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Ageing at home? Meeting housing, health and social needs

Ageing at home? Meeting housing, health and social needs

Stewart, Jill ORCID: 0000-0002-3031-8082, Crockett, Rachel, Gritton, Jim, Stubbs, Brendon and Pascoe, Ann (2014) Ageing at home? Meeting housing, health and social needs. Journal of Integrated Care, 22 (5/6). pp. 242-252. ISSN 1476-9018 (Print), 2042-8685 (Online) (doi:

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Purpose – The purpose of this paper is to consolidate the range of issues relevant to owner occupiers who age in place and to offer an initial overview of how effective partnerships can respond to and meet the changing needs of housing, health and social care of our ageing population.
Design/methodology/approach – Issues affecting older people’s changing needs are considered holistically and considered in terms of how partnerships can be enhanced to develop improved services in the future.
Findings – Most owners wish to stay in their own homes for as long as possible and it can be cost-effective to do so; however, we need to look at new and innovative ways of developing and providing front-line services to enhance health and safety in the home, but also quality of life and wellbeing such as combating loneliness and isolation. However, although there are examples of evidence-based good practice, service provision is variable and there is a risk that many older home owners may miss out on services for which they may are eligible. With this in mind, it may be helpful to develop a new framework where one key practitioner holds responsibility to consolidate and coordinate the range of local services available as a package that offers a range of housing, health and social care services.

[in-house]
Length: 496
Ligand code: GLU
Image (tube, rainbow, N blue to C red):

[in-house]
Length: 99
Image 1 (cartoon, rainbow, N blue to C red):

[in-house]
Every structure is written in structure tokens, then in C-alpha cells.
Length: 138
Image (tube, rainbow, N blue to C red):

Originality/value – There are currently many policy and practice gaps in older owner occupier's housing conditions and suitability to meet their changing needs. This paper has a particular starting point in housing, and how other personal or technological services can help support independence for as long as possible and adapt to the owner-occupier's changing health and social care needs as they age in place. The authors emphasise the importance of sharing evidence-based good practice partnerships.

Item Type: Article
Uncontrolled Keywords: Evidence-based practice, Health and wellbeing, Evidence-based policy, Partnership working, Long-term conditions, Health and social care
Faculty / School / Research Centre / Research Group: Faculty of Education, Health & Human Sciences > School of Human Sciences (HUM)
Last Modified: 28 Apr 2023 07:30

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